Kristy - posted on 09/13/2010

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depends what state you are in my neice was 9 and the coourt didnt make her go back to c her day because his wife was so mean to her in texas if they dnt want to go you dont have to make them the other parent has to take you back to court for contempt and 9 chances out of 10 yhey wont take you back to court

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Dear Aly,
I had almost exactly your same situation. You need to tell your mom how you feel. You should also tell your dad because, believe it or not, he may not know how much he is hurting you. Your parents love you very, very much and wont know how you're feeling if you don't tell them. I think you are old enough to change the situation you are in. If your mother goes to court and files papers, you won't be forced to go spend time with your father. Remember though, this is cutting someone very important out of your life. I know you are in an extremely difficult situation but maybe you and your dad could come up with another plan. Maybe just some time with the three of you(your brother, your dad and you) for a day on the weekend? I'll be praying for you sweetie, but above all, know that the way your dad is acting has nothing to do with you. You are still the beautiful, kind, perfect child that you were before any of this started. He is responsible for his actions but he is not making them because of anything that you have done wrong. Don't believe that ANY of this is because of you or your fault. It's not. God bless you sweet girl. ♥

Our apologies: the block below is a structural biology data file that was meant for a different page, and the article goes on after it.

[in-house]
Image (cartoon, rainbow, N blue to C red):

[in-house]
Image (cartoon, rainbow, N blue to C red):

Pam - posted on 06/25/2014

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I believe that if you're unsure, get professional support or talk it out loud with someone to better understand your position as the supporting parent. No decision will feel easy.
As for all the comments being made they appear to stem from parents personal experiences and not based on fact so have an opened mind and take what info makes sense and leave the rest. There are always special circumstances and they need to be honoured.